Mineko’s Night Market Review

It’s been a few years since the first footage of Mineko’s Night Market piqued many gamers’ interest; its striking artstyle, promises of satisfying crafting and conversations, and vast numbers of feline friends made it stand out in an ever-growing field of cosy games. I have been keenly following its development and was excited to get hands on with the full game so did it live up to my expectations? In short, not even close – for the longer version, read on.

Taking clear influence from the likes of Stardew Valley, Mineko’s Night Market sees the titular character moving to a small village with their dad and facing the prospect of making friends and establishing their rule in a new community. So far, so very generic, but the twist is that there is a mysterious legend of a magical cat called Nikko surrounding the village with sinister Agents in FBI-style suits staking out all the island’s major locations. The central narrative sees Mineko teaming up with other children to release captured cats, foil the Agents’ plans and save Nikko. This plot is broken up by an endless stream of repetitive foraging and crafting activities and disappointingly charmless dialogue with an assortment of mostly unlikeable and one-dimensional characters.

This summary may sound a little harsh, and to some extent it is, but the various gameplay loops in Mineko’s are hideously over-exposed through longer play sessions. The incredibly superficial mechanics quickly began to grate and I was having to force myself to persevere for the sake of this review. It is clear that this style of game is intended more as a daily snack than a feast and short sessions of underwhelming gameplay may help to conceal Mineko’s mechanical shortcomings, but the lack of polish and wafer thin characters will still be apparent.

The daily pattern of Mineko’s Night Market is set very early as you go out and forage for materials before crafting various recipes to sell at the weekly Night Market – a mysterious event that tries to bring the island together in a celebration of… capitalism, I guess? This provides both the context for many of the game’s themes and developments but also the rigid structure that becomes predictable. You are encouraged to take crafted items to the Market to sell for profits but the opportunities each week are limited and I soon resorted to simply selling to the craft shop in the village instead in order to speed up my progress through the game. This approach was more effective, but still fell victim to the repetition and grind – the latter being particularly egregious in the mid-game.

Early profits must be spent on tools and workbenches – the former opens up new areas to visit whilst the latter enables new crafting options from the materials you find in these new areas. Every resource material requires a minigame to gather and these are one of the weakest parts of an underwhelming game. Most materials have an axe-swinging game in which you hold the action button between two points in a manner reminiscent of arcade golf games and I must have done this one minigame thousands of times in my time with the game. Once you’ve endured the boring resource collection you then have to complete more minigames to craft items to sell, with perfect results producing higher quality ones and mistakes wasting those resources.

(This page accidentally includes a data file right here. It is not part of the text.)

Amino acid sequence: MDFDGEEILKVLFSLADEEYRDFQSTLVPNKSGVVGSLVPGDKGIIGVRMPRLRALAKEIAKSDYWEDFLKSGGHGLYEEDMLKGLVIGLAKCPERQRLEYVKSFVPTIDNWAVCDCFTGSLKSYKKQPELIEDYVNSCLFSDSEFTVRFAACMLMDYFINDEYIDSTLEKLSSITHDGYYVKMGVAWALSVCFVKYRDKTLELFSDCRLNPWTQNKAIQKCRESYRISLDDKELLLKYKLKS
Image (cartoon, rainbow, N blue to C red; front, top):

This monotonous loop continues across the game’s runtime and never really develops. Yes, there are more complex items to craft that require more varied resources, but aside from character quests the relative extra profit is rarely worth the extra resource collecting. Even more egregious here is that one late game quest requires a collection of flowers from all four seasons in the game but the thrust towards crafting and selling means that you will almost certainly have used all your early season flowers without knowing they would be needed. This then means that you either have to skip weeks to get back to the requisite season again or hope that another merchant will sell them at the Night Market.

The only other real game mechanic at play here is the minimal exploration required in accessing new areas. Every area is patrolled by Agents following set paths whilst they guard island cats in cages. In order to progress you have to free the cats to scare away the Agents and then be able to access the unique resources. This would be fine if the complete lack of any challenge or noticeable AI on the part of the Agents didn’t make these sections an extra lowlight into a very dim showing.

At launch, the game suffered from a game-breaking bug in one late game section that prevented a level from loading properly, though this has now been patched by the developers, so you can reach the end of the story.

Mineko’s Night Market goes down as one of my biggest disappointments of the year. The early promise is entirely squandered through inane conversations, repetitive minigames and a feeling more akin to a mobile game loop than a cosy game. The art style and plethora of cats are cute, but I’m afraid this is one to avoid.
  • Lovely artstyle
  • Cats aplenty
  • Wide range of items to craft
  • Massively repetitive
  • Zero challenge
  • Tiresome minigames
Written by
Just your average old gamer with a doctorate in Renaissance literature. I can mostly be found playing RPGs, horror games, and oodles of indie titles. Just don't ask me to play a driving game.